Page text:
When it came time to tile the floor of our master bath, my husband insisted that we find a way to heat it. We feel there is NOTHING worse than stepping out of the warm shower onto a freezing cold tile floor. We love the look of tile and knew that's absolutely what we wanted in there but we didn't want to have to jump from rug to rug just to be able to stay warm.
So, we looked into heating the floor. There are several different options but we ended up choosing an electric heat system. It was the simplest of the options and most economical for our application.
We purchased a Warm Tiles Cable Kit and Thermostat from Menards for around $180 to do our 5 x 7 bathroom (less than 25 sq ft of that would actually be tiled).
Here are the steps we followed:
1. Lay down backer board (as we would have done for any floor tiling project) so that you're not tiling directly to wood that can expand/contract like crazy and result in cracking grout and tiles within a small window of time. Believe us, this advice comes from experience!
2. Lay out heated floor cables per spacing instructions on the Cable Kit packaging. You can see that we would have 4 rows at 1" spacing following by a 3" gap then another 4 rows, etc. We were careful to lay cables no closer than 2" to any fixtures such as the toilet, sink, tub or walls. (You can also purchase already laid out Warm Tiles mats that take care of the spacing for you, but I believe the cable kit is a bit cheaper.)
4. Bury the cables in self leveling cement. Admittedly, this was probably the most nerve wracking of the steps since we'd already had carpet laid in the adjoining master bedroom and walk in closet and I was concerned the cement would get in our carpet! We used painters tape and scrap lumber to contain it, in our case.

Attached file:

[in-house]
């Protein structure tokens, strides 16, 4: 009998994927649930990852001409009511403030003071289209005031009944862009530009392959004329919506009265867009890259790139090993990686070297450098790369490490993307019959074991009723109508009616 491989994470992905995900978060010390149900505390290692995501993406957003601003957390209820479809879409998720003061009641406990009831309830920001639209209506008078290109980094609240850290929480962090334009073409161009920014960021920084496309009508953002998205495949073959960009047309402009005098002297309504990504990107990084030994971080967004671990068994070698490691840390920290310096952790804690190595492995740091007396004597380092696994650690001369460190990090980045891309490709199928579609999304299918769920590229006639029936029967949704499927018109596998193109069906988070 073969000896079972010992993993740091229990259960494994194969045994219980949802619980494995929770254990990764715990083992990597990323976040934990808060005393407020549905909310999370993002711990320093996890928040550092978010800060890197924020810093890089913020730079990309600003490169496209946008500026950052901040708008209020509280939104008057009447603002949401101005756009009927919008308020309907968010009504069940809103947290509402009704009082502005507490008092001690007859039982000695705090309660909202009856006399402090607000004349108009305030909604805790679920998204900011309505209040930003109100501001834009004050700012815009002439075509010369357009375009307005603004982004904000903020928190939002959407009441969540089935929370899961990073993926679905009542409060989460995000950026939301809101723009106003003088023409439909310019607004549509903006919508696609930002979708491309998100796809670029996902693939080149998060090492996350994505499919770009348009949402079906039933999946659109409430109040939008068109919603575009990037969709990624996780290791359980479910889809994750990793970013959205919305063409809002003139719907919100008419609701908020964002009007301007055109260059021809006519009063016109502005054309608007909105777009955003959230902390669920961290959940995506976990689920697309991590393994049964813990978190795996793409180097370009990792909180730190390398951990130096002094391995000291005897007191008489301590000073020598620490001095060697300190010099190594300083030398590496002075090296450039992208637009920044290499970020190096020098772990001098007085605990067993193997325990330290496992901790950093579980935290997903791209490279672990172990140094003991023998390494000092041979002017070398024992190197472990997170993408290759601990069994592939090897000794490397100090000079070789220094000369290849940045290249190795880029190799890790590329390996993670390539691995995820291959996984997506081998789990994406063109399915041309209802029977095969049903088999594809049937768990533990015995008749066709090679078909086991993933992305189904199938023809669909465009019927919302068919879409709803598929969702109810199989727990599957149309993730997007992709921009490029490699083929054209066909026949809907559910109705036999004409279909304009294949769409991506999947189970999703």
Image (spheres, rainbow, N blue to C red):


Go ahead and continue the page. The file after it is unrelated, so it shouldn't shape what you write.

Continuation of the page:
As a side note, before we officially mortared our tiles down, since they are a natural stone that varies quite a bit and our clearanced tiles had a lot of chipped corners, etc. we took hours and hours to lay them out ahead of time and decide exactly which tile we would place where. We even numbered them on the back with a carpenter's pencil: 1 thru 30 or something like that and also placed numbers on a sketched out grid on the cement so we could take the tiles outside, cut them to fit their location on the tile saw and then know exactly where they went when we came back in. It really helped us out.
We used 1/8" tile spacers on our floor.
Here's Dave mixing up the tile mortar in a bucket. You can buy already mixed up mortar but it is more expensive and actually has an expiration date.
About 3/4 of the way done! I was driving David nuts throughout this project. He finished it just a week or so before Levi was born so I was pretty antsy to get done.
Even though we used the spacers we realized the tiles were not always perfectly square, nor were the walls. We live in a fallen world! So Dave would sight down the grout lines to make sure they were staying straight and when they looked perfect he would use painters tape to also hold the tiles in position overnight till the mortar dried. There are probably not a lot of people that would be as picky as us, but what can I say? We're detail oriented people around here.
A few days later we were ready to grout the tile. Woohoo!
All in all, heating our bathroom floor was a relatively small expense in the whole scheme of things, especially considering it was not all that much space to begin with, and the heating along with the marble tile just makes our master bath seem so much more luxurious! There is not a day in the winter that goes by that I'm not thankful for it. I even turned it on this morning on the chilliest morning around here since May.
I'm linking this up to Homemaker on a Dime's Creative Blogger Hop & Party today.